No two human beings ever experience two sensations, experiences, feelings, or thoughts identically. Everything changes, everything is always different. All of these variables merging, interacting, destroying each other, building new forms, ideas, “realities,” mean that the human experience is one of constant change and, as we label it, “growth” [and yet] most living human beings build their lives around the belief that these differences, changes, don’t exist. They choose to ignore these things and attempt to program or control their own existence. They make schedules, long-term commitments, set up a system of time and become controlled by their system of controls.

Keith Haring at work. Illustration by Josh Cochran from Drawing on Walls: A Story of Keith Haring by Matthew Burgess

A century and a half after Emerson lamented that “people wish to be settled [but] only as far as they are unsettled is there any hope for them,” Haring considers the underlying unease that leads us to these coping mechanisms, these artificial hedges against this most natural manifestation of nature:

People don’t want to know that they change.

Unless they feel it is an improvement, and then they are all for “change,” and will go to great lengths to “make changes” or contrive situations or force a change that is unnatural… Some attitudes I see all around me are:

Change is acceptable as long as it is controllable.

Change can be predicted.

Changes can be contrived and/or altered and/or planned.

Part of our willful blindness to change in the grand scheme, Haring intimates, is our unease about change in the small scheme of the self — the multitudes we each contain, discontinuous and contradictory, a flickering of emotional and mental states that never still to a permanent constellation across the sweep of time. He observes:

Usually the underlying fact that change is reality, that we are constantly changing and constantly in difficult situations, different states of mind and actually different realities is

ignored

or misunderstood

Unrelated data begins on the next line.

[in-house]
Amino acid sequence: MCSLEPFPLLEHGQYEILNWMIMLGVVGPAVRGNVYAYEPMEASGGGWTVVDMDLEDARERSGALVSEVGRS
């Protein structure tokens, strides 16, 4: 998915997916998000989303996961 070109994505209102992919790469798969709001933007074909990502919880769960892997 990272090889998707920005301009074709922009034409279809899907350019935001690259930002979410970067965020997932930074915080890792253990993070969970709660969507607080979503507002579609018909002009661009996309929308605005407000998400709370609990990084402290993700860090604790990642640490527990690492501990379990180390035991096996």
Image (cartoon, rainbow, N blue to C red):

or misinterpreted

or confronted.

Most simply, people know to some extent that they feel different at different times or look different to themselves different days, but few people really try to experience this or question it or really investigate its reasons or its implications.

In a sentiment evocative of Iris Murdoch’s meditation on the beautiful, maddening blind spots of our self-knowledge, he adds:

To be a victim of your own knowledge is not understanding what your knowledge is and what its result is.

To be a victim of change is to ignore its existence.

To be a victim of “living by what you think” is to ignore the possibilities of “another way to live” or the possibility of “being wrong about the way it is” or ignoring the possibility of “not knowing what you think.”

Thinking you know the answer is as dangerous as not thinking about the possibility of no answers.

Creativity, Haring suggests, is a form of candor, a kind of fidelity to reality — a way of responding to change genuinely rather than artificially:

Pure art exists only on the level of instant response to pure life.

[…]

I am interested in making art to be experienced and explored by as many individuals as possible with as many different individual ideas about the given piece with no final meaning attached. The viewer creates the reality, the meaning, the conception of the piece. I am merely a middleman trying to bring ideas together.